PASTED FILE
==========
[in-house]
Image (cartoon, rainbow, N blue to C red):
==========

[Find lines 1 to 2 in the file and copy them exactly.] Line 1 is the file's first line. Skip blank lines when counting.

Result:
[in-house]
Image (cartoon, rainbow, N blue to C red):